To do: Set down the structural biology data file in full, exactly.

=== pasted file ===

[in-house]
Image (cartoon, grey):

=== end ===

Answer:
[in-house]
Image (cartoon, grey):